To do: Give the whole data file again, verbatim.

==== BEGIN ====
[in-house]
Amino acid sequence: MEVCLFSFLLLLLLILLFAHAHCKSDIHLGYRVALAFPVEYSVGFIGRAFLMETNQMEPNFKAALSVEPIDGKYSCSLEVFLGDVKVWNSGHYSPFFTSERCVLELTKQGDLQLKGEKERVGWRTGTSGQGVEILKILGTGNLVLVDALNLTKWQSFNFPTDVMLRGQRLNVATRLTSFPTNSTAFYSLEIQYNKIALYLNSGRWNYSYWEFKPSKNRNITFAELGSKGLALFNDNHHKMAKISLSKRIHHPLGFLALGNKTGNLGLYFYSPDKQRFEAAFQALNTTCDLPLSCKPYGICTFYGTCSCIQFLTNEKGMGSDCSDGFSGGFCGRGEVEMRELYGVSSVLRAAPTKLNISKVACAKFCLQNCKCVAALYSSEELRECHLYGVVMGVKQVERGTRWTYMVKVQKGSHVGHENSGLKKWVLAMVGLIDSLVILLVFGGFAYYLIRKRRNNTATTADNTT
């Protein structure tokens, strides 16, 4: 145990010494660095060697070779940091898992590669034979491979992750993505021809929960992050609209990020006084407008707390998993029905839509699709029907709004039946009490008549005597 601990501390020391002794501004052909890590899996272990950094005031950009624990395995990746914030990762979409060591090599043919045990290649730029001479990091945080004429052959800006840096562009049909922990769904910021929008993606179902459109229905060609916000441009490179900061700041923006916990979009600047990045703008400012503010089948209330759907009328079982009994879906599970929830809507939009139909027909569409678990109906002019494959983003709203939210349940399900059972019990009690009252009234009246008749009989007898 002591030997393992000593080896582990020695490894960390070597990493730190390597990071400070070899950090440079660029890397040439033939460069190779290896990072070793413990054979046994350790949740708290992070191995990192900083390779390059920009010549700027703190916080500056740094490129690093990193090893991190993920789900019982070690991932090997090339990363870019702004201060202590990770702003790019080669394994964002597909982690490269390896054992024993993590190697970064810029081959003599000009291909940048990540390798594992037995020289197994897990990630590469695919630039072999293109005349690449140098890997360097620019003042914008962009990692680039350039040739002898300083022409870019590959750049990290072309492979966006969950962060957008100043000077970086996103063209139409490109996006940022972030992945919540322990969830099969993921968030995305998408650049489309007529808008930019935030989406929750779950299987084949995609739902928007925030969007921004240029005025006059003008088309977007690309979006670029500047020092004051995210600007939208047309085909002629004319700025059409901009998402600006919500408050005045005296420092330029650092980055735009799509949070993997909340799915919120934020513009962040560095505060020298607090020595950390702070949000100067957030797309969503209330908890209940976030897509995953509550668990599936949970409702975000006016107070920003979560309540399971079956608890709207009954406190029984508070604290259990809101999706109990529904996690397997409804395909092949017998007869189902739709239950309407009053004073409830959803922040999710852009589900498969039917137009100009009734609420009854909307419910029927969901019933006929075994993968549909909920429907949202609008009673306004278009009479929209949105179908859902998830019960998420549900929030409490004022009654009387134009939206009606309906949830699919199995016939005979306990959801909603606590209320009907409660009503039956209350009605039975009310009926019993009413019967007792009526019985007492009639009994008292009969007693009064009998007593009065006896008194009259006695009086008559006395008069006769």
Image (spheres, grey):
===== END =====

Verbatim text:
[in-house]
Amino acid sequence: MEVCLFSFLLLLLLILLFAHAHCKSDIHLGYRVALAFPVEYSVGFIGRAFLMETNQMEPNFKAALSVEPIDGKYSCSLEVFLGDVKVWNSGHYSPFFTSERCVLELTKQGDLQLKGEKERVGWRTGTSGQGVEILKILGTGNLVLVDALNLTKWQSFNFPTDVMLRGQRLNVATRLTSFPTNSTAFYSLEIQYNKIALYLNSGRWNYSYWEFKPSKNRNITFAELGSKGLALFNDNHHKMAKISLSKRIHHPLGFLALGNKTGNLGLYFYSPDKQRFEAAFQALNTTCDLPLSCKPYGICTFYGTCSCIQFLTNEKGMGSDCSDGFSGGFCGRGEVEMRELYGVSSVLRAAPTKLNISKVACAKFCLQNCKCVAALYSSEELRECHLYGVVMGVKQVERGTRWTYMVKVQKGSHVGHENSGLKKWVLAMVGLIDSLVILLVFGGFAYYLIRKRRNNTATTADNTT
């Protein structure tokens, strides 16, 4: 145990010494660095060697070779940091898992590669034979491979992750993505021809929960992050609209990020006084407008707390998993029905839509699709029907709004039946009490008549005597 601990501390020391002794501004052909890590899996272990950094005031950009624990395995990746914030990762979409060591090599043919045990290649730029001479990091945080004429052959800006840096562009049909922990769904910021929008993606179902459109229905060609916000441009490179900061700041923006916990979009600047990045703008400012503010089948209330759907009328079982009994879906599970929830809507939009139909027909569409678990109906002019494959983003709203939210349940399900059972019990009690009252009234009246008749009989007898 002591030997393992000593080896582990020695490894960390070597990493730190390597990071400070070899950090440079660029890397040439033939460069190779290896990072070793413990054979046994350790949740708290992070191995990192900083390779390059920009010549700027703190916080500056740094490129690093990193090893991190993920789900019982070690991932090997090339990363870019702004201060202590990770702003790019080669394994964002597909982690490269390896054992024993993590190697970064810029081959003599000009291909940048990540390798594992037995020289197994897990990630590469695919630039072999293109005349690449140098890997360097620019003042914008962009990692680039350039040739002898300083022409870019590959750049990290072309492979966006969950962060957008100043000077970086996103063209139409490109996006940022972030992945919540322990969830099969993921968030995305998408650049489309007529808008930019935030989406929750779950299987084949995609739902928007925030969007921004240029005025006059003008088309977007690309979006670029500047020092004051995210600007939208047309085909002629004319700025059409901009998402600006919500408050005045005296420092330029650092980055735009799509949070993997909340799915919120934020513009962040560095505060020298607090020595950390702070949000100067957030797309969503209330908890209940976030897509995953509550668990599936949970409702975000006016107070920003979560309540399971079956608890709207009954406190029984508070604290259990809101999706109990529904996690397997409804395909092949017998007869189902739709239950309407009053004073409830959803922040999710852009589900498969039917137009100009009734609420009854909307419910029927969901019933006929075994993968549909909920429907949202609008009673306004278009009479929209949105179908859902998830019960998420549900929030409490004022009654009387134009939206009606309906949830699919199995016939005979306990959801909603606590209320009907409660009503039956209350009605039975009310009926019993009413019967007792009526019985007492009639009994008292009969007693009064009998007593009065006896008194009259006695009086008559006395008069006769």
Image (spheres, grey):